Luz 2.0

Is it hard to feel bald and beautiful? Short answer: yes. During treatment, you spend all your energy on the fact that you don’t feel too well physically and so you spend time wishing to feel less nauseous, less shitty, etc. The physical aspect does come in of course, but you don’t have too much energy to focus on it. For me, it is now, after chemo when I really began focusing on the hair, the skin, the desire to look like yourself again…quickly. Life after cancer is a completely new thing. I am not my old self entirely, so I am not “going back” to being who I was, I feel like the experience released a Luz version 2.0 almost. I feel different, I understand life and purpose so differently now – I want to deal with my life differently. I am a strong believer on the connection between your emotional/mental health and illness, I am currently beginning to explore and discover the emotional baggage I was carrying before this – it’s a really tough journey of self-awareness, understanding and forgiveness and it sometimes involves making radical decisions of cutting out and letting things/people/situations go and just holding on to what feels real, true and gives me beautiful feels.

This Thursday will be a month since my last and final chemo session and I already feel so different. My energy levels are amazing, the hyperpigmentation on my hands and feet is getting so much better, the scars on my face are fading slowly, my hair is coming in slowly as well. I am so grateful – I am watching almost a re-birth of myself, I can see how my cells are slowly regenerating and giving my body new life and it feels magical. I am so thankful for every cell, every tissue, every beat – our bodies are resilient and our ability to heal is mind blowing. It’s hard not to be impatient and wish hair would just magically appear from one day to the next but with cancer everything is a process and I learned I must respect that and take it one day at a time. Last night I danced for hours when a few weeks ago I could not get through a song as I could hear my heart beat faster, my breath get shorter and my legs get weaker. I don’t want to forget the struggle as it continues to make me appreciate everything I am able to do now with a big smile.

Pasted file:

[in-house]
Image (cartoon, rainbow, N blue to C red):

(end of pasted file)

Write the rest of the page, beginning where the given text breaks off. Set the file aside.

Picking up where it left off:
I had missed writing, but I was busy enjoying life post chemo – throwing myself back into work, planning my holiday and enjoying the fact that my taste buds are back and I can enjoy my favorite foods again. Remodeling my bedroom and putting up photos of all the wonderful people in my life all over my house to remind myself that I am surrounded by love. Carrying out healing sessions so I can do the emotional work I need to do to keep myself healthy and truly content. Giving cuddles to my cat, spending time with my beautiful friends – old and new – and dancing my days away.

I want this blog to help other women with breast cancer, I want to start writing posts about what I did and experienced in a more direct / helpful way. How I managed my nausea, how I managed the dark hands and feed, how I managed the acne and the zoladex side effects, the questions to ask when you have a scare or get diagnosed, what I did and felt when I lost my hair and my eyebrows – I want to write content that will make other women going through the shit show feel less alone. If you know anyone going through this or if you are, let me know what you would like to know and I will gladly help navigate it all by sharing my experience.

In the meantime, I will celebrate turning 32 years old in 2 weeks and I’m so excited to be this new, improved version of myself. With less hair but more courage. A new confident, unapologetic and happier version of me.

I also want to take this opportunity to thank everyone for their incredible support throughout this experience. My friends and family, you’re all amazing and have made me feel so much love – I have no words and I get teary eyed every time I realize how blessed I feel to have you all in my life. Thank you to those who took time out of their life to message me / call me to wish me well. Thank you to all the new friends I’ve made – I am so happy I got to know you all. Thank you to the friends who have helped me document my journey, in film or photos – it is so amazing that you all made time and used your talents on me. Thank you to every single person who came with me to my chemo sessions – you have no idea what this meant to me, you’re all truly incredible human beings!!!! I love you all deeply and I must have done something right in my life to deserve you all and the love you’ve shown me.

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